Cameroon manager Hugo Broos suggested the players who declined to join up his with side were regretting their decision after the Indomitable Lions’ improbable run to the African Nations Cup title.
A triumph in Gabon seemed unlikely for Gabon after as many as eight players — including Liverpool defender Joel Matip declined call-ups before the tournament began.
Broos acknowledged the difficulties his side faced before taking home their fifth ANC title and first since 2002.
“There was a lot of trouble before, players who wouldn’t come with us,” Broos said after Sunday’s 2-1 win over Egypt.
“OK, it’s their decision. But maybe they are saying now to themselves, ‘S—! Why didn’t I go with them?'”
Broos said all of his players pulled together and allowed them to overcome the squad uncertainty.
“Yes [the title] shows the character, but that I knew from the beginning,” Broos said. “I said a few times, I do not have 23 players, I have 23 friends. It’s really unbelievable… I think this is the reason why we won.”
After a lacklustre group stage featured draws and Burkina Faso and hosts Gabon and a slim win over Guinea-Bissau, Cameroon won three successive knockout games against overwhelming odds, advancing past Senegal and Ghana to reach Sunday’s final.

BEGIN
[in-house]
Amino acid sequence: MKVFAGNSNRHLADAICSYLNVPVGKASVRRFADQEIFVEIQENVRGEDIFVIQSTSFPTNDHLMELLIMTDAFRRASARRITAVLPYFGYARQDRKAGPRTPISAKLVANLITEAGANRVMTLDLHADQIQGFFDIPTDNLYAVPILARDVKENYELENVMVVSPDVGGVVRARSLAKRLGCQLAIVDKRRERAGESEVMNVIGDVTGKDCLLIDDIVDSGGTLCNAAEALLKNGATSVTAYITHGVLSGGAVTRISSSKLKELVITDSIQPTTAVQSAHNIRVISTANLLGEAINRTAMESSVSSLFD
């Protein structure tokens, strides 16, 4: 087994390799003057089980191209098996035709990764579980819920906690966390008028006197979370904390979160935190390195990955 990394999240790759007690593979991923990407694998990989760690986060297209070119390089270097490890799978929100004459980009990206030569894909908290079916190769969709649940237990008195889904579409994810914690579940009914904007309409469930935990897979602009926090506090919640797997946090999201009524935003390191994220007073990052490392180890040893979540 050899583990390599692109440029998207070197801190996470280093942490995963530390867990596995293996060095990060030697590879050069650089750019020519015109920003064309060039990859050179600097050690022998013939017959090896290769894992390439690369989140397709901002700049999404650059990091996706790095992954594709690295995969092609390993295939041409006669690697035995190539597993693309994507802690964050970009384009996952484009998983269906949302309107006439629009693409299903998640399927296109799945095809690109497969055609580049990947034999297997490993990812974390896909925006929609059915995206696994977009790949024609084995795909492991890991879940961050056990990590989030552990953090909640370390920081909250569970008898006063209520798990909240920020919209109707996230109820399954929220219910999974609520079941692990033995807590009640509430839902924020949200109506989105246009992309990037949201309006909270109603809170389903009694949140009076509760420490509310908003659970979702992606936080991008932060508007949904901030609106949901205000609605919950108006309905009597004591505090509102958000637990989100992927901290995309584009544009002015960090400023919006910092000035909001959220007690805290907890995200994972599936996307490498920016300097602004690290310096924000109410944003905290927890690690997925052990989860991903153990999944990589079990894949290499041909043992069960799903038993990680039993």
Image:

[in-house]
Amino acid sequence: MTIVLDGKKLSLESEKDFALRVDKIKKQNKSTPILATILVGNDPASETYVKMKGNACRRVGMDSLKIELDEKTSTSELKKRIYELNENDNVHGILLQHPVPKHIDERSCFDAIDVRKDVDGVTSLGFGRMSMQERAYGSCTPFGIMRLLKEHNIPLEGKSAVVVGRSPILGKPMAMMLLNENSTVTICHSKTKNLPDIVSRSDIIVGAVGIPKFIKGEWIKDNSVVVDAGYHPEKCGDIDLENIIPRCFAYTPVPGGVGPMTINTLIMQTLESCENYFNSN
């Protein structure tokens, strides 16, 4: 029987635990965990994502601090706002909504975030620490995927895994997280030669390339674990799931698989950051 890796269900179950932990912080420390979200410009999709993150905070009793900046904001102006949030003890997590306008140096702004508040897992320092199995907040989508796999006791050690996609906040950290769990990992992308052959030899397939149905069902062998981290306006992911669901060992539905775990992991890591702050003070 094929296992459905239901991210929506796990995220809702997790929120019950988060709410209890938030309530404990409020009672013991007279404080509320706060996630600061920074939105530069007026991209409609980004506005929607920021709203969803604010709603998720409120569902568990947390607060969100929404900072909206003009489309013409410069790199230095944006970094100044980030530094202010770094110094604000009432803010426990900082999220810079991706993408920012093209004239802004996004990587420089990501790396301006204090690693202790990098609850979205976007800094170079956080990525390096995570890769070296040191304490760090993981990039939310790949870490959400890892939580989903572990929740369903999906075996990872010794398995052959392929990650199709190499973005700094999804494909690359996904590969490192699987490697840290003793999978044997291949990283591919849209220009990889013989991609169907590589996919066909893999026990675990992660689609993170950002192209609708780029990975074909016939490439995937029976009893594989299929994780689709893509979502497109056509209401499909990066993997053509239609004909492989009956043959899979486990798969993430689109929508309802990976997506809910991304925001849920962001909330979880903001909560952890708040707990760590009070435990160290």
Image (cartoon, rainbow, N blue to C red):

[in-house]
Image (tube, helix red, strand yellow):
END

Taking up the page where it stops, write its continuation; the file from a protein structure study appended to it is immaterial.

‘We came here and I think nobody thought we would go so far,” Broos said. “We tried to get through the first round. We did it. So we said, ‘OK, let’s see what happens against Senegal.’ We won the game again.
“Then you get a boost of confidence and from that time we believed that if we got a bit lucky we could win the final.”
The title also secured Cameroon a spot at this summer’s FIFA Confederations Cup in Russia, where Broos’ side will face the likes of Germany, Chile and Australia, and he said the Lions must still get better.
“We still have to improve. That’s proved by the first half. We were not good first half, certainly not the first 25 minutes. So this is something we have to work on,” Broos said.
“We thought from the beginning that Egypt would try to score very quick, but you see we can’t control such situations, so there’s still a lot to do.”
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